Monday Roundup

A bit more on China first. I acknowledge Marketguy15’s point about Chinese stocks having made a parabolic top in 2007. It was a speculative parabolic, with the Shanghai Composite reaching a p/e of around 70, and these take time to wash out. If we consider other historic examples of speculative parabolics on stock indices, then the 1989 Nikkei perhaps didn’t make its ultimate bottom until 19 years later (if the Oct 2008 low remains in tact), whilst the 1929 Dow made its nominal bottom 3 years later, as did the 2000 Nasdaq. But we could also note that the 1929 Dow didn’t gain true upward traction again until 12 years later, around 1942, and the 2000 Nasdaq had a major setback again in 2008. So, the Shanghai Composite may not reach back up to its 2007 peak of over 6000 any time soon. However, it’s the valuation that draws me in. The p/e of 7.8 is the lowest since the Shanghai Composite index’s inception, and globally historically buying indices sub p/e 10 has returned handsomely for the next 10 years. The Nikkei never reached undervaluation for most of the 19 years it took to wash out. The Nasdaq at its nominal bottom in 2003 was still overvalued at at p/e of 34.

The Shanghai Composite is also yielding 3.8%, and this is almost parity with the 7 year bond, which has attracted buyers historically.

The technical set up looks promising for a reversal, as shown in the last post. My buy order went through on Friday.

On to global macro. The aggregate of economic surprises for the US, China and Europe is still in an uptrend.

ECRI leading indicators the US have paused, but are still positive 5.9. US earnings have improved as the season has progressed, and the beat rate currently exceeds recent seasons.

Source: Bespoke

US jobs data should continue to improve into the start of 2013 then roll over.

Source: PFS Group

And the performance of US cyclical stocks suggests the SP500 should rally into early 2013 before rolling over.

Source: PFS Group

Marc Faber is now forecasting that stocks could make a counter trend rally into the start of 2013 before continuing downward – i.e. no new highs, but a rally that falls short of the existing 2012 highs. That fits fairly well with Tom Demark’s counter trend rally forecast (though he expects a SP500 marginal high, whilst the Nasdaq makes no new high), and to some degree the late November market top predicted by Eurodollar COT.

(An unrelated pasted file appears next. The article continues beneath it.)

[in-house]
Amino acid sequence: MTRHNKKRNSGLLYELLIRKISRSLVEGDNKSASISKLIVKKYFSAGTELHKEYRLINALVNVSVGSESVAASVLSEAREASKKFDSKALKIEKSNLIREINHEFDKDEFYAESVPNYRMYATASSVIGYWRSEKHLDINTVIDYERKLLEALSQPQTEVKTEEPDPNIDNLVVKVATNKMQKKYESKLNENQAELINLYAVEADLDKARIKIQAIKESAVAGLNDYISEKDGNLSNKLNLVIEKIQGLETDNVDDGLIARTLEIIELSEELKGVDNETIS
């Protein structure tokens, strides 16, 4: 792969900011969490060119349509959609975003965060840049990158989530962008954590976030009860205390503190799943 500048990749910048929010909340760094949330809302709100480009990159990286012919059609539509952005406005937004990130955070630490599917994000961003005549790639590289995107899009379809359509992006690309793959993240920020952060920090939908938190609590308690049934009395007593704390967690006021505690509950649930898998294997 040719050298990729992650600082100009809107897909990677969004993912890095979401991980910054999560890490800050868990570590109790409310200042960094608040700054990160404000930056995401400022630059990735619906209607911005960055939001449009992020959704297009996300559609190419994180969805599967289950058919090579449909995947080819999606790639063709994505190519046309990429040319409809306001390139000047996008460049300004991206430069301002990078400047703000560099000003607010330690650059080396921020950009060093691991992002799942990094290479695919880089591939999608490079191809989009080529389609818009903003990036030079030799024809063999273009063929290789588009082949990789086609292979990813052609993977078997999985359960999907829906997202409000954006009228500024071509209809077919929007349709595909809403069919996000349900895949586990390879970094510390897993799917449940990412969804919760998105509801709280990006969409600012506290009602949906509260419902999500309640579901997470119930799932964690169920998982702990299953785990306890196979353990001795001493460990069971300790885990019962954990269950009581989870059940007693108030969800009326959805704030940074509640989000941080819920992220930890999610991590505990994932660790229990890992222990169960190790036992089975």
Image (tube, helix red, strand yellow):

The markets should also rally by presidential seasonality around the US elections. I believe the uncertainty due to the neck-and-neck polls have postponed this, but assuming there is a clear victor I expect the markets to rally later this week. Continued outperformance in cyclicals (versus the wider Sp500) supports this, as does the pick up in earnings beats.

So I still maintain my forecast for stocks to change trend here to rallying, and then will judge developments in leading indicators, breadth and so on, whilst that occurs, to assess whether we are likely making a topping process already or whether we can push on upwards into the start of 2013. There remain notable differences in how US, European and Asian indices are poised. The Hang Seng broke out of the long term triangle and has pushed on bullishly whilst US indices have corrected. The Nasdaq looks bad technically, yet the Dax has held up well in what still appears to be a bull flag above 2012’s previous highs. The FTSE remains in its long term triangle but like the Dax has held up well over the last few weeks. Should we now get a rally in global equities, the FTSE is likely to break out, like the Hang Seng.

As for commodities, the current correction could continue into late November, by Gann, before they begin their parabolic ascent. The COT picture and technical picture for the Euro-Dollar, together with the US elections, suggests the US dollar could rally here for a little period and that could continue to impede commodities into late November. Gold made a big red candle on Friday through 1700 support, suggesting it needs longer yet to correct and consolidate.